FANCY DRESS

In the Victorian and Edwardian periods, fancy dress costume tended to be inspired by historical periods and characters and their associated dress. However by the 1920s and 1930s, costume drew on modern and topical themes alongside the more traditional and stereotypical representations both of the past and of other nationalities and countries.

FANCY DRESS LINEUP

This film of Reigate Carnival shows an array of costumes from nurses uniforms, milk maids, male drummers, a woman dressed as a warrior to a person in a wooden beer barrel promoting a particular brand of ale.

Title: [Reigate Borough Carnival]
Date: (1926; 1927)
Film-maker: J.Bancroft

Also in the film a Pearly King wears a studded jacket, narrow trousers and a studded flat cap. The Museum of London’s dress collection has examples of surviving Pearly King and Queen outfits from 1925 (Acquisition No: 81/53)

Title: [Reigate Borough Carnival]
Date: (1926; 1927)
Film-maker: J.Bancroft


FANCY DRESS ACTIVITIES

Title: Local News Film
Date: (1936-1937?)
Film-maker: Bognor Regis Film Society

This film shows a fancy dress game of ‘living bridge’ where women and young girls wear cotton day dresses with sandwich boards on the front. Each board depicts a single playing card. It was not just fancy dress that incorporated such references. In the late 1920s, Schiaparelli included crossword puzzles and bridge motifs into her sweaters.


PROMOTIONAL FANCY DRESS COSTUME

Detail of the Milk Marketing Board blouse
Title: Detail of the Milk Marketing Board blouse
Date: (ca.1933.)
Ref: 1991.81.2, Horsham District Council.
Kindly reproduced with the permission of Horsham Museum

Horsham Museum has a fancy dress outfit from ca.1933 promoting the Milk Marketing Board. It consists of a blouse decorated with a metal cow in the centre and twelve cardboard discs depicting cows decorate the neckline. The discs declare, “We aim to please. Quality Guaranteed”. The outfit is complete with a hat and a full-length skirt with vertical banners promoting the consumption of milk.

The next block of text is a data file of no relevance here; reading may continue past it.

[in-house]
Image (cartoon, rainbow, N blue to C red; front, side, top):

CHILDREN IN FANCY DRESS COSTUMES

[Reigate Borough Carnival] (1926; 1927)
Title: [Reigate Borough Carnival]

Date: (1926; 1927)
Film-maker: J.Bancroft

Children also participated in the carnival and their outfits included a flower girl and a young boy dressed as a devil complete with horns.


Title: Joce and Gill at Home
Date: (1936-1940)
Film-maker: Joseph Emberton

In this film Joseph Emberton’s two daughters, Jocelyn and Gillian, are joined by two other children, possibly their cousins, for Christmas dinner. They all wear fancy dress costumes. Jocelyn and Gillian are in similar Pierrot costumes, complete with pointed hats and red wool pompoms. Jocelyn wears a white satin loosely fitting suit covered in a thin veil of netting with a frilly collar, whereas Gillian wears a more feminine version with a sleeveless top and layered net skirt resembling a ballerina’s tutu.

The boy is dressed as a toy soldier, probably taking inspiration from the Nutcracker ballet. He wears a white tunic with red collar and shiny gold frogging, red breeches and a red tall hat with a front peak, upon which a gold paper trim and white feather have been stuck. The girl appears to be dressed as a Bavarian maid in a short-sleeved muslin top, pinafore dress and patterned apron and headscarf.

Such folk and ethnic references were seen in fashionable dress, as well as fancy dress costumes in the interwar period. Chanel used Russian folk details in her designs of the 1920s and employed Russian émigrés who had fled to Paris in her workroom. Schiaparelli also looked to other cultures and included Congolese motifs on her sweaters in 1928. In the 1930s Chanel produced ‘gypsy’ style eveningwear. The Metropolitan Museum of Art, New York has a 1939 example (C.I.58.34.18a-c).


Title: Regis Review
Date: (1936-1937?)
Film-maker: Bognor Regis Film Society

In this children’s fancy dress competition, costumes range from dolls in boxes, aviators, and Mickey and Minnie Mouse to brands of ice lollies, to Lyon’s ‘Nippy’ waitresses. The Lyon’s catering business was a popular chain of ‘Corner House’ restaurants and tea shops. In 1925, the uniforms worn by the waitresses were revamped making them more streamlined and the waitresses were popularly known as ‘Nippies’ due to their fast service. As an alternative to domestic service, many young women in this period preferred to get employment in the more ‘glamorous’ roles of shop girls and waitresses.